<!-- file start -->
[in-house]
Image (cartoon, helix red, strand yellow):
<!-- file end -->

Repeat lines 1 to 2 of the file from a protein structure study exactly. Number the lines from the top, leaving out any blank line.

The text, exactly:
[in-house]
Image (cartoon, helix red, strand yellow):